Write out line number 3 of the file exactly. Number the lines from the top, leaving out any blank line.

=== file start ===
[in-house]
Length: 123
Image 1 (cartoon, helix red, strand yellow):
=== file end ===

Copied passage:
Image 1 (cartoon, helix red, strand yellow):